School counselors support the plan, saying it will free up time in students' schedules, giving them more opportunities to retake classes they have failed. It will also give more latitude to students taking remedial and technical classes, English language learners who require specialized courses, and honors students taking advanced classes.
But critics fear there may be other motivations.
School board member John Palacio, who plans to vote against the proposal, said cutting requirements could save the district money, because fewer required courses could mean fewer teachers. It could also be a way for the district to manipulate its graduation statistics, which are required to improve under the federal No Child Left Behind act.
"We're trying to game the graduation requirements by diluting them so that we can increase our graduation rates," he said. "And I think we need to be honest about it."
Following the lead of other districts such as San Jose Unified, Santa Ana raised its requirements in 2000, saying the higher standard would challenge more students to aim for college.
The state requires a minimum number of courses in various subjects (three years of English and two of math, for example) and a passing score on an exit exam to graduate high school.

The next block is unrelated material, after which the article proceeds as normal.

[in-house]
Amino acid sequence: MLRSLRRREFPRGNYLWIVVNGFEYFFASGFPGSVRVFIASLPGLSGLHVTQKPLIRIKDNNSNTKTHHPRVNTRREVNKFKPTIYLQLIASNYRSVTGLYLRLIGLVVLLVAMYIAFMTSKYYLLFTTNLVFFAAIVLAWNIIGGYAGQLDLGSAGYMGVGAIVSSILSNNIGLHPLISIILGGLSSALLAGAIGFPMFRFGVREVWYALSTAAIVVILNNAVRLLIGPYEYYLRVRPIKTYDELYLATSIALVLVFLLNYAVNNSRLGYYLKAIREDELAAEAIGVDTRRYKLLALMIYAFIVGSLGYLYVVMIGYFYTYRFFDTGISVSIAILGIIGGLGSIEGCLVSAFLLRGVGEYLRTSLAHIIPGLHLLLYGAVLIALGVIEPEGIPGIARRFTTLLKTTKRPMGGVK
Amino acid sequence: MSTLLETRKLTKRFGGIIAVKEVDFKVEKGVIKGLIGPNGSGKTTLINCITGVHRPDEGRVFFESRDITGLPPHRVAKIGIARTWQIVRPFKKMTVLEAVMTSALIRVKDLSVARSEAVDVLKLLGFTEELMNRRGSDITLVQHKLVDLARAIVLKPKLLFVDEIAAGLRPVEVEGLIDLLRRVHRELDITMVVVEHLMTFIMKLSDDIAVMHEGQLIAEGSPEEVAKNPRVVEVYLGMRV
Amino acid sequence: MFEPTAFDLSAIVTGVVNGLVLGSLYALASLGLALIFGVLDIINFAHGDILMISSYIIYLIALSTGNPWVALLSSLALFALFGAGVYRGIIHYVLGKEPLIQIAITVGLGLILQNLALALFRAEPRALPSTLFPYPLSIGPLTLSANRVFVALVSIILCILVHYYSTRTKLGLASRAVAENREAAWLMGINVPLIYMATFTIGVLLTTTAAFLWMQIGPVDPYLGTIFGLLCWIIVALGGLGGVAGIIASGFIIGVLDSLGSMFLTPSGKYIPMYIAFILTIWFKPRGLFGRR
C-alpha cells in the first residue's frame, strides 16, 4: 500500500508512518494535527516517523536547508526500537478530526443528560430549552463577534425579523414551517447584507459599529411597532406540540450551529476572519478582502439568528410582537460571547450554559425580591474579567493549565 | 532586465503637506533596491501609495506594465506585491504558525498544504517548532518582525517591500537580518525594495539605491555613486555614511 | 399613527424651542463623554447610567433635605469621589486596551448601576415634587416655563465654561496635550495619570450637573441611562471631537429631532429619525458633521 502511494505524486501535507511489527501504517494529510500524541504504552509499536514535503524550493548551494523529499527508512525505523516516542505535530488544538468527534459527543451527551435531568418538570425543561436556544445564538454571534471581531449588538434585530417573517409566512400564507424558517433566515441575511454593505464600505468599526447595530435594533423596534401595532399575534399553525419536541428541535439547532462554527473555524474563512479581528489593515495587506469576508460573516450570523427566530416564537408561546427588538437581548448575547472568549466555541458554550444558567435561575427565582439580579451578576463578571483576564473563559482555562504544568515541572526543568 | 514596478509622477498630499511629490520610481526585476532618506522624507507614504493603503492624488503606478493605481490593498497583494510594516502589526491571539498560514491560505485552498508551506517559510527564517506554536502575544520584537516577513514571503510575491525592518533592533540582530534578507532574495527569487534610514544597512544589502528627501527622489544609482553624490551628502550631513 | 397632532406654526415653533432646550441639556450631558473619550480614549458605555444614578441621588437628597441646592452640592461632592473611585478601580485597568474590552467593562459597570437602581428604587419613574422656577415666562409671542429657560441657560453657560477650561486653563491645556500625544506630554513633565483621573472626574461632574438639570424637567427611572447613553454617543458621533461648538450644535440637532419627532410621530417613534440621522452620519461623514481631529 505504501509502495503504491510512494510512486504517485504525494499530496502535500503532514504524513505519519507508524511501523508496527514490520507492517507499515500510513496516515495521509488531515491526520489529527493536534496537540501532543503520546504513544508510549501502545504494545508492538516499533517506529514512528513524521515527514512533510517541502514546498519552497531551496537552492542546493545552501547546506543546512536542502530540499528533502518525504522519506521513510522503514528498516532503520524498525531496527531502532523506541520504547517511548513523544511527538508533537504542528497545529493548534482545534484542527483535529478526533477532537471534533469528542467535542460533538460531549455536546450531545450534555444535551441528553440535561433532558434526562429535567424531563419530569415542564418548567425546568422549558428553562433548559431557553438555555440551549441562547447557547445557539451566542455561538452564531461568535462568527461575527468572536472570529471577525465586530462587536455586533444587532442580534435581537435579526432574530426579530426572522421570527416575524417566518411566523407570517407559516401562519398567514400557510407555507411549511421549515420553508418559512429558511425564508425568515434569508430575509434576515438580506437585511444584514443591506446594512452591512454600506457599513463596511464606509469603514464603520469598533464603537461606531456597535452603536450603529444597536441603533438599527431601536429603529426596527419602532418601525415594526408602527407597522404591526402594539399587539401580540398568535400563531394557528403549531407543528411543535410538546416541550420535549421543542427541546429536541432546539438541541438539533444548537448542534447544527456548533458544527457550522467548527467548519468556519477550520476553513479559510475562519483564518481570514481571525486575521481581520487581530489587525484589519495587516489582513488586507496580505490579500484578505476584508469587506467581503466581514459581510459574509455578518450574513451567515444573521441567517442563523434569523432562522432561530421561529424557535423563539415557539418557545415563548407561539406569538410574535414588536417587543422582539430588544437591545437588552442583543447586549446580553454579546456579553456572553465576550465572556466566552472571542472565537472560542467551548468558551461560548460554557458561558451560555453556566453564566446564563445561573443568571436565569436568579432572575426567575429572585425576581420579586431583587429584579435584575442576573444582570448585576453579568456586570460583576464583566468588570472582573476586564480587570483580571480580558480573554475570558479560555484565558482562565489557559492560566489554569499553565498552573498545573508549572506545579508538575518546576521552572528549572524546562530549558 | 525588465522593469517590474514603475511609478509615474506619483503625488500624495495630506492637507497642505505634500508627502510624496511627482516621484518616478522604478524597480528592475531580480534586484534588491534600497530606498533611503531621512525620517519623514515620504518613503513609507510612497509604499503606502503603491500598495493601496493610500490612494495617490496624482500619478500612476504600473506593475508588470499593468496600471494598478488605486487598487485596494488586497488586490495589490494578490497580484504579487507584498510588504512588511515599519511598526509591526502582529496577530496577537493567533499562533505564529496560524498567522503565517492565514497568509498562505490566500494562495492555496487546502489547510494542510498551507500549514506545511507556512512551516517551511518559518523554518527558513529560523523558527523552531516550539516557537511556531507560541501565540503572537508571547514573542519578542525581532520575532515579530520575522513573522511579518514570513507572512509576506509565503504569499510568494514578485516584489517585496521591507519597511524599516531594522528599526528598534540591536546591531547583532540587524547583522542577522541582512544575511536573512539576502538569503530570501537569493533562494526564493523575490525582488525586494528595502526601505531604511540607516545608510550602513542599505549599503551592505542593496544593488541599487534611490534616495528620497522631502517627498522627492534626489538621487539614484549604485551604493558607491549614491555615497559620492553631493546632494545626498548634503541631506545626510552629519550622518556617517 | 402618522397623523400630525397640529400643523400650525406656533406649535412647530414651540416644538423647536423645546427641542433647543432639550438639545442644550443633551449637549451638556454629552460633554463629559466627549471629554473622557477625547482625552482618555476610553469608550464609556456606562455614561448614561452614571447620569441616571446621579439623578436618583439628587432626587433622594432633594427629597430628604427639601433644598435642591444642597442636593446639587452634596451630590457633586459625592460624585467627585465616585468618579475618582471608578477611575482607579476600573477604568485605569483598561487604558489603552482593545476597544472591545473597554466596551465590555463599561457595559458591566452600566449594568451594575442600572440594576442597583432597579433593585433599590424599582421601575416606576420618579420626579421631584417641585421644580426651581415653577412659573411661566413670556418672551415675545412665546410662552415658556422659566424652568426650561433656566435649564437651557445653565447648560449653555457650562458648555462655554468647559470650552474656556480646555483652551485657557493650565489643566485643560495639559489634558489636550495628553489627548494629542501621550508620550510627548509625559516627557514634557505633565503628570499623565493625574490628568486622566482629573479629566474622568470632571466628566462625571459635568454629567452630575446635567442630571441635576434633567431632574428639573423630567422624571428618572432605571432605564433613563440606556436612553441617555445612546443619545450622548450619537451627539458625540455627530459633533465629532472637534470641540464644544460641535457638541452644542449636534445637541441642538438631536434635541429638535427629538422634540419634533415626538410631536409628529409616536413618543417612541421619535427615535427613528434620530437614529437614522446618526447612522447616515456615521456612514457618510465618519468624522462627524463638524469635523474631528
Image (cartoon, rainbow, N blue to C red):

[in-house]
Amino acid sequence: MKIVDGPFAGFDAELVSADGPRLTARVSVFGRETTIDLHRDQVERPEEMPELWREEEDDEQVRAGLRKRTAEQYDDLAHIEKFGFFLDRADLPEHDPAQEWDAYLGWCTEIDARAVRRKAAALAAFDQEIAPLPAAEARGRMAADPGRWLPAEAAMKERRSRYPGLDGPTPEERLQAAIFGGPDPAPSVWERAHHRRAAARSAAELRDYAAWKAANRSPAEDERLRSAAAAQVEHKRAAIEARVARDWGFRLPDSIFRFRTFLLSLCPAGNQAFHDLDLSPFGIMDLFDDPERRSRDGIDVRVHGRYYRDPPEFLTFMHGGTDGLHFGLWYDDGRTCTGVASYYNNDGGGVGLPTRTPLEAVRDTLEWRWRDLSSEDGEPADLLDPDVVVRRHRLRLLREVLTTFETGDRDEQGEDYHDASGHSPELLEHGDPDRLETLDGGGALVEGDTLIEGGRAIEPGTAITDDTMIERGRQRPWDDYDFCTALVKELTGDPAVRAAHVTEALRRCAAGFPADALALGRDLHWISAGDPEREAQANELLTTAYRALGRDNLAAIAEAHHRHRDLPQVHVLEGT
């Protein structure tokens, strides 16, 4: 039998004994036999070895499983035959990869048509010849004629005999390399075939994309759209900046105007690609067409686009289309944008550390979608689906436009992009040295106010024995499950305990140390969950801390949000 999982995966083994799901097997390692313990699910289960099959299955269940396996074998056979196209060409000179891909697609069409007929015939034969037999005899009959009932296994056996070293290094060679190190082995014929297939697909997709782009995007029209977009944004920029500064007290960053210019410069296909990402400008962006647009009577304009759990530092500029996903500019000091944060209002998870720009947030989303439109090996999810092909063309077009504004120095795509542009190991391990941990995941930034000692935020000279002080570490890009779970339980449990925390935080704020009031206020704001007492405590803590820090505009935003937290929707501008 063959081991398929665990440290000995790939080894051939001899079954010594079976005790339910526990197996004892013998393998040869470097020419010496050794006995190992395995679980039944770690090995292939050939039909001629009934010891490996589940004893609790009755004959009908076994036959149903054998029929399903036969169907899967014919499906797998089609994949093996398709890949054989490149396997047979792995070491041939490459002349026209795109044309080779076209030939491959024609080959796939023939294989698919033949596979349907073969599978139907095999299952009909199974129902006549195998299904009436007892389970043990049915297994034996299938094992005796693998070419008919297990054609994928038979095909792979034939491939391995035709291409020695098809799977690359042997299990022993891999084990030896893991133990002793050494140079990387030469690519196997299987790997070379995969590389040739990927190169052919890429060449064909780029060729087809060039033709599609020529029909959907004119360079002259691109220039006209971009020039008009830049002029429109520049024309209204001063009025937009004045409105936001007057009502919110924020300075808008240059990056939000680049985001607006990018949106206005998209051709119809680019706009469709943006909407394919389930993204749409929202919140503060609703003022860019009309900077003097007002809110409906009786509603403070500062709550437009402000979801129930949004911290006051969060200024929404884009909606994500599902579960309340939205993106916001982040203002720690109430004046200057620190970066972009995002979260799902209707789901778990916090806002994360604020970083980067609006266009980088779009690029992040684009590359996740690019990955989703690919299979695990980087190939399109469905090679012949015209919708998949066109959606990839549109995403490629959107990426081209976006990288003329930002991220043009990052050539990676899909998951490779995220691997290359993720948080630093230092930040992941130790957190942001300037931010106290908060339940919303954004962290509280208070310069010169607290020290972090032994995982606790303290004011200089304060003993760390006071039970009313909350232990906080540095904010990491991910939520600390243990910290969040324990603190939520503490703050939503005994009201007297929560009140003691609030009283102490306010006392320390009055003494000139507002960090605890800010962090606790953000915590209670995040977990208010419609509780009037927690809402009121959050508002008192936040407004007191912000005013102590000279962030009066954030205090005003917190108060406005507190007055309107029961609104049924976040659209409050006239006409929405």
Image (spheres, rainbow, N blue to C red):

Santa Ana is not alone in rethinking its earlier ambitions.
San Francisco Unified, for example, upped its graduation requirements in the late 1990s only to relax the math component in 2000, over concerns that it was too demanding.
"I have nothing against high standards, but I also believe that you have to be realistic," said Nadine Rodriguez, president of the Santa Ana High School parent-teacher association, whose daughter is expected to graduate this summer. "For the longest time we've been scratching our heads" over the high number of credits and the limitations it places on students, she said.
But Jonathan Espinoza, a freshman honors student at , said the requirements are not too demanding and that easing them would send the wrong message.
"By lowering them it's just like saying we don't want to put our students to their full potential," he said.
Some teachers are ambivalent about the proposal, said Ken Swift of Valley High School, who teaches earth science, one of the freshman courses that would be made an elective under the district's plan.
Enrollment in the course, meant to bridge middle-schoolers into high school-level science, would plummet, he said. But without loosening the credits, "there isn't a lot of room for missteps."
Linda Murray, who was superintendent of San Jose public schools when they boosted their requirements to 240 credits in 1999, said Santa Ana's plan could give students more latitude without backpedaling.
"Dropping back to 220 should not keep them from pushing this envelope of getting kids to college," said Murray, now superintendent in residence at the Education Trust-West, an Oakland-based advocacy group focused on closing the achievement gap.
"Having worked so hard to increase rigor in their district, they should hold to that," she said. "But sometimes it's hard to balance the needs of kids that are under extreme hardships with high standards for all."